Quirky Books: Years of Dust by Albert Marrin

Monday, April 2, 2012

Years of Dust by Albert Marrin

Though found in the nonfiction juvenile section of the library "Years of Dust: the Story of the Dust Bowl" is an excellently written account of United States History. It is easy to read the entire book in a couple of days to understand major events impacting life and relationships with nature throughout the world.

Albert Marrin, born 1936, is a Professor Emeritus of History at Yeshiva University. Writing over twenty books for Young Adults, he has several awards including: Washington Post Nonfiction Award; James Madison Book Award for Lifetime Achievement and 2008 Endowment for Humanities Medal. Writing is excellent, though overusing commas, without being pretentious.

Surprisingly accurate content adults with also enjoy this book. It covers a wide range of information. With an orientation towards economy and social consequences there are several insights surrounding the Dust Bowl. There is a definition of "Okie." Not remembering if hearing this previously it relates to a negative attitude from surrounding states. Several people felt people from the Dust Bowl might be responsible for the Great Depression.

Wanting to read about environmental impacts descriptions are available in a few chapters. Disappointed by a lack of information in relation to conclusions from the Soil Conservation Service methods for dust storm prevention are mentioned in a quick summation. There are occasional mentions of various technological advancements. The final chapter summarizes global impact in countries utilizing conservation techniques.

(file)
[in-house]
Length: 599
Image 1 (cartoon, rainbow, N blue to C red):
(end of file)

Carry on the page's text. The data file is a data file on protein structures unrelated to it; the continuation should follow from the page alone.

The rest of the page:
Dorothea Lange, born 1895, provides most photographs. Dorothea Lange was a Photojournalist working for the Farm Security Administration during the Great Depression. These historically accurate pictures are not silly illustrations most people associate to Children's Books. Focusing on migrant workers, Lange's most famous photograph is "Migrant Mother."

Compiling over a decade of information in under two hundred pages "Years of Dust" is a wonderful intermediary book. Everyone should read this book. It expands on the handful of sentences in history books so the topic is relatable; ergo, memorable. Timelines prepare people studying in specific fields with basic understanding between relationships of facts and numbers. In addition, it is one of the largest collections of Lange's photography outside an art gallery.

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